This essay analyses Australia's Red Center (Uluru – formerly Ayers Rock – and Kata Tjuta) and Aboriginal design motifs as sources for a revitalized, highly decorative and supposedly 'authentic' form of Australian clothing, created during the intensely nationalist political period of the 1970s and 80s. It concentrates particularly on the innovative work of Sydney designers Jenny Kee and Linda Jackson. They sold their personalized 'authentic non-style' through their boutique Flamingo Park, set up in 1973. Important to this reconfiguration of Australian style were the designer's trips taken to the Outback, and direct collaborations with indigenous practitioners like Marmburra Wananumba Banduk Marika. Their focus on cross-cultural inspiration and commodification of 'ethnicity', within the globalizing economy, shows this innovative dress did not acknowledge Europe as the major source of design ideas. Rather as a type of 'wearable art', its shapes and motifs encouraged the idea that fashion design could be a type of spiral, an attraction toward inner inspiration stimulated by actual and conceptual journeys from the periphery, that is metropolitan Australia, to the indigenous heart of the continent, the Red Center.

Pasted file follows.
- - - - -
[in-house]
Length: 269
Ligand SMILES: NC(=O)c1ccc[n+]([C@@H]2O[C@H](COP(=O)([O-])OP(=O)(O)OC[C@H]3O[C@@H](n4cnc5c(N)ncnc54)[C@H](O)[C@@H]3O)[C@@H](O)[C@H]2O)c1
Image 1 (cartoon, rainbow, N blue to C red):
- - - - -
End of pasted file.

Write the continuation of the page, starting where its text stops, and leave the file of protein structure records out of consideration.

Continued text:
Fashion Theory takes as its starting point a definition of “fashion” as the cultural construction of the embodied identity. The importance of studying the body as a site for the deployment of discourses has been well established in a number of disciplines. Until Fashion Theorys launch in 1997 the dressed body had suffered from a lack of critical analysis. Increasingly scholars have recognized the cultural significance of self-fashioning, including not only clothing but also such body alterations as tattooing and piercing.
Fashion Theory provides an international and interdisciplinary forum for the rigorous analysis of cultural phenomena. Its peer-reviewed articles range from foot-binding to fashion advertising.